OREGON –School administrators are asking a federal district court to dismiss a FirstAmendment lawsuit stemming from the suspension of eight members of theClatskanie High School basketball team in 2001.
A 9th U.S. CircuitCourt of Appeals panel ruled in early May that student members of the team hadparticipated in constitutionally protected speech when they signed a petitioncomplaining that their coach, Jeff Baughman, was verbally abusive and asked forhis resignation.
According to the9th Circuit opinion, the students presented the petition to Baughman in February2001, after which Baughman immediately met with school principal Michael Corleyand superintendent Earl Fisher. All three are defendants in the lawsuit. Corleythen met with the students and athletic director Lester Wallace, also adefendant, allegedly telling the students they had two options: participate in amediation and play in an away game planned for that evening, or choose not toplay in the game.
The students, with three exceptions, chose not toboard the bus and did not play in the game. They claim they were not told theywould be disciplined for choosing the second option, but the next day those whodid not board the bus to play in the away game were suspended from theteam.
After their suspension, the students filed a lawsuit claimingthey had been punished for complaining about Baughman, a violation of theirFirst Amendment rights. The district court ruled in favor of the administration,concluding that the students’ actions were not constitutionally protectedbecause the speech ”was not a matter of public concern nor political innature.”
The students appealed, and the 9th Circuit panel,after ruling that the students’ petition was constitutionally protectedspeech but that their boycott of the game was not protected because it ”substantially disrupted and materially interfered with a schoolactivity,” remanded the case back to the districtcourt.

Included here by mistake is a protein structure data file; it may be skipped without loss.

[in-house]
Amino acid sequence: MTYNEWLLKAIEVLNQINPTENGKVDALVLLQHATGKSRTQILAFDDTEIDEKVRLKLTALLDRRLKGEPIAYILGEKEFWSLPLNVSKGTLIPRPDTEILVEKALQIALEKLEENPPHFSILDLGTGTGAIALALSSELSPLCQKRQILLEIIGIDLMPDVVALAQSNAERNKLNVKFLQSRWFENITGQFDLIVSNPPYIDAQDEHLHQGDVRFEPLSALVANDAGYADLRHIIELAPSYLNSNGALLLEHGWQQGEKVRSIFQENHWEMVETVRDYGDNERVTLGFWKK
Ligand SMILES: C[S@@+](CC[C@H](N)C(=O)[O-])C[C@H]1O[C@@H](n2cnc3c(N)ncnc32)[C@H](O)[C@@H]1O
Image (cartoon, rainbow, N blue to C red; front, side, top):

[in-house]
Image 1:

”The remaining question is whether the plaintiffs’permanent suspension from the basketball team was simply for refusing to boardto the bus, or instead was wholly or partly in retaliation for petitioningagainst Baughman in the first place,” according to the 9th Circuitdecision.
The panel concluded that ”the record is notsufficiently clear for us to resolve the retaliation issue on thisappeal.”
Last week, school administrators filed a supplementalmotion for summary judgment with the district court to dismiss the remainingclaims against them. The motion claims the administration’s decision tosuspend the players resulted solely from their refusal to board the bus and playin the away game, and thus they did not violate the students’ FirstAmendment rights.
Peter Mersereau, attorney for the administrators,said he is optimistic that the district court will rule in favor of theadministration.
”The proof is in the pudding,” Mersereausaid. ”The one plaintiff who played the game, or I should say formerplaintiff, was not suspended. I don’t know how it could be more clear, hesigned the petition but was not suspended.”
Mersereau said ifthe court does not grant them summary judgment, he is requesting that theindividual defendants be released from the lawsuit based on qualified immunity.Qualified immunity protects government officials from lawsuits when theirconduct does not violate clearly established statutory or constitutional rightsof which a reasonable person would have known.
The students’ attorney, Michael Seidl, could not be reached for comment Tuesday. But in aLegal Affairs magazinearticlein 2003, Seidl expressed his motivation behind pursuing thecase.
”Coaches have historically been given extraordinaryleeway to engage in conduct that by most standards would be consideredabusive,” Seidl told LegalAffairs. ”And it’s time to correct theproblem.”
Mersereau said he expects the motion to be heard inAugust. If it is denied, he said the case should go to trial in January2007.